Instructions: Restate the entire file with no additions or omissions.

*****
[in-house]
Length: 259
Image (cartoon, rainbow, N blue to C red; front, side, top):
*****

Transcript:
[in-house]
Length: 259
Image (cartoon, rainbow, N blue to C red; front, side, top):